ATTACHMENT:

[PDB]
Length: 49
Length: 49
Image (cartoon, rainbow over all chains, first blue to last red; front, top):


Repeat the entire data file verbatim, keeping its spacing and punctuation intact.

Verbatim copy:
[PDB]
Length: 49
Length: 49
Image (cartoon, rainbow over all chains, first blue to last red; front, top):